Main article: Bandi Chhor Divas

Diwali for Sikhs marks the Bandi Chhor Divas, when Guru Har Gobind freed himself and some Hindu Rajahs, from the Gwalior Fort, from the prison of the Mughal emperor, Jahangir, and arrived at the Golden Temple in Amritsar. Ever since then, Sikhs celebrate Bandi Choorh Divas, with the annual lighting up of Golden Temple, fireworks and other festivities. In the post-Guru Gobind Singh era, Sarbat Khalsa used to meet on Diwali and Baisakhi to discuss important issues concerning Sikh community.[46]

Jainism

Main article: Diwali (Jainism)

Diwali has special significance in Jainism. Mahavira, the last of the Tirthankar of this era, attained Nirvana on this day at Pavapuri on 15 October 527 BCE, on Kartik Krishna Amavasya. According to the Kalpasutra by AcharyaBhadrabahu, 3rd century BC, many gods were present there, illuminating the darkness.[47] Therefore, Jains celebrate Diwali as a day of remembering Mahavira. On Diwali morning, Nirvan Ladoo is offered after praying to Mahavira in all Jain temples all across the world. Gautam Gandhar Swami, the chief disciple of Mahavira achieved omniscience(Kevala Gyan) later the same day.[citation needed]

Buddhism

The Newar people in Nepal, who are Buddhist and revere various deities in the Vajrayana tradition, celebrate the festival by worshipping Lakshmi.[21][22] The Newar Buddhists in Nepalese valleys celebrate the Diwali festival over five days, in the same way and on the same days as the Hindu Diwali-Tihar festival.[48] According to some scholars, this traditional celebration by Newar Buddhists in Nepal, involving Lakshmi and Vishnu during Diwali, reflects the freedom granted in the Mahayana Buddhism tradition to worship any deity for their worldly betterment.[21]

Description and rituals

Diwali is a five-day festival in many regions of India, with Diwali night centering on the new moon – the darkest night – at the end of the Hindu lunar month of Ashvin and the start of the month of Kartika. In the Common Era calendar, Diwali typically falls towards the end of October, or first half of November each year. The darkest night of autumn lit with diyas, candles and lanterns, makes the festival of lights particularly memorable.[13] Diwali is also a festival of sounds and sights with fireworks and rangoli designs; the festival is a major celebration of flavors with feasts and numerous mithai (sweets, desserts),[25] as well as a festival of emotions where Diwali ritually brings family and friends together every year.[24][33]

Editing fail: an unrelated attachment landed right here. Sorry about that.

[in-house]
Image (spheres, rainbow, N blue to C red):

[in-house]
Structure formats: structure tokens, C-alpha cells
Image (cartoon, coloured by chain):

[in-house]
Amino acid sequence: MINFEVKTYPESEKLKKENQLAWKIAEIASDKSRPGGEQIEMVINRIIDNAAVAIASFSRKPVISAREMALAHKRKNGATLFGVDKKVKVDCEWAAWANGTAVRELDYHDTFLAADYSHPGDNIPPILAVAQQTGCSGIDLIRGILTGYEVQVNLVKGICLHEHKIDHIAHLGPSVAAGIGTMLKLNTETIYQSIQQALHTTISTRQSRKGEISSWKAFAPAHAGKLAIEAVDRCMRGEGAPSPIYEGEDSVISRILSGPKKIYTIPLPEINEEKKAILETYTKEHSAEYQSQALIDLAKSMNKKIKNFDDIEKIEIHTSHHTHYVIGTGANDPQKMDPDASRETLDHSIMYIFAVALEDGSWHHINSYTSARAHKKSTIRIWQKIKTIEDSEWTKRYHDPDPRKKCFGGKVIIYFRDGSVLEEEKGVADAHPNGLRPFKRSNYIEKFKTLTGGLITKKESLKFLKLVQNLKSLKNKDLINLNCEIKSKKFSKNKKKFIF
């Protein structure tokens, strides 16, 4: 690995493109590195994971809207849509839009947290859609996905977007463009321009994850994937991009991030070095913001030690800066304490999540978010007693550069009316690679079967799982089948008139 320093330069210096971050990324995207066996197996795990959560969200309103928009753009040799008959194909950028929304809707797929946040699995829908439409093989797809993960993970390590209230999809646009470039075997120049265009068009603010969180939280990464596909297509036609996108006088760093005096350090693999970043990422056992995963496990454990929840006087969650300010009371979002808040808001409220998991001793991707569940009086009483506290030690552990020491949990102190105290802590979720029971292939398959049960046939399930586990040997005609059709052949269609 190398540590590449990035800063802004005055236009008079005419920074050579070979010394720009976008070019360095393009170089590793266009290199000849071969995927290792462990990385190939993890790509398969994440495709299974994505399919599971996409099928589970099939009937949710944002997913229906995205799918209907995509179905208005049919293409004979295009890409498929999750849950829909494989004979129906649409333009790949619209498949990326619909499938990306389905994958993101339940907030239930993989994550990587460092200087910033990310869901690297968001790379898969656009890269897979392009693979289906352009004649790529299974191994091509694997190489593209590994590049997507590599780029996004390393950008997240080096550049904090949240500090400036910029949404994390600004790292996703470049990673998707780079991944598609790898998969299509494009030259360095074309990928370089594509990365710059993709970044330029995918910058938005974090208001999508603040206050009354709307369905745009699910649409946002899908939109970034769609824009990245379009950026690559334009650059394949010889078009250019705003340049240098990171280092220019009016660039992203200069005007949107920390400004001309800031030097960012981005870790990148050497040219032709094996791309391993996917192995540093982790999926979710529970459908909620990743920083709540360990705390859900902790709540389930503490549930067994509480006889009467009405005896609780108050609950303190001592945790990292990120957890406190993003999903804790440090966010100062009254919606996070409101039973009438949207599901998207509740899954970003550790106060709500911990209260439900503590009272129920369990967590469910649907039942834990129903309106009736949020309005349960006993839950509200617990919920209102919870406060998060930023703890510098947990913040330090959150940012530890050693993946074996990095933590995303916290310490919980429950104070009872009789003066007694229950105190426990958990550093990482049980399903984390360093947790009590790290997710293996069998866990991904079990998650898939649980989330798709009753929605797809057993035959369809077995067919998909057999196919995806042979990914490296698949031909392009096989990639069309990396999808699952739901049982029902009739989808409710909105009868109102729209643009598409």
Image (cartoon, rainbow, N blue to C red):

Rituals and preparations for Diwali begin days or weeks in advance. The festival formally begins two days before the night of Diwali, and ends two days thereafter. Each day has the following rituals and significance:[23][49][50]

Dhanteras (Day 1)

Main article: Dhanteras

Dhanteras or Dhanatrayodashi (celebrated in Northern and Western part of India) starts off the five day festival. Starting days before and through Dhanteras, houses and business premises are cleaned, renovated and decorated. Women and children decorate entrances with Rangoli – creative colourful floor designs both inside and in the walkways of their homes or offices. Boys and men get busy with external lighting arrangements and completing all renovation work in progress. For some, the day celebrates the churning of cosmic ocean of milk between the forces of good and forces of evil; this day marks the birthday of Lakshmi – the Goddess of Wealth and Prosperity, and the birthday of Dhanvantari – the God of Health and Healing. On the night of Dhanteras, diyas (lamps) are ritually kept burning all through the nights in honor of Lakshmi and Dhanvantari.[23][42][51]

Dhanteras is also a major shopping day, particularly for gold or silver articles. Merchants, traders and retailers stock up, put articles on sale, and prepare for this day. Lakshmi Puja is performed in the evening. Some people decorate their shops, work place or items symbolizing their source of sustenance and prosperity.[citation needed]

Naraka Chaturdasi (Day 2)

Main article: Naraka Chaturdashi

Narak Chaturdasi is the second day of festivities, and is also called Choti Diwali. The Hindu literature narrates that the asura (demon) Narakasura was killed on this day by Krishna, Satyabhama and Kali. The day is celebrated by early morning religious rituals and festivities followed on. This day is commonly celebrated as Diwali in Tamil Nadu, Goa and Karnataka. Typically, house decoration and colourful floor patterns called rangoli are made on or before Narak Chaturdasi. Special bathing rituals such as a fragrant oil bath are held in some regions, followed by minor pujas. Women decorate their hands with henna designs. Families are also busy preparing homemade sweets for main Diwali.

Lakshmi Puja (Day 3)

Main article: Lakshmi Puja

The third day is the main festive day. People wear new clothes or their best outfits as the evening approaches. Then diyas are lit, pujas are offered to Lakshmi, and to one or more additional deities depending on the region of India; typically Ganesha, Saraswati, and Kubera.[23] Lakshmi symbolises wealth and prosperity, and her blessings are invoked for a good year ahead.[52]